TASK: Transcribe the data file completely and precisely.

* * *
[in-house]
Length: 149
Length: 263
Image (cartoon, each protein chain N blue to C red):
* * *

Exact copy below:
[in-house]
Length: 149
Length: 263
Image (cartoon, each protein chain N blue to C red):